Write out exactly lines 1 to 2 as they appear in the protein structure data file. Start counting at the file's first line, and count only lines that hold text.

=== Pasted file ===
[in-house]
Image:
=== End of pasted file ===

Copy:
[in-house]
Image: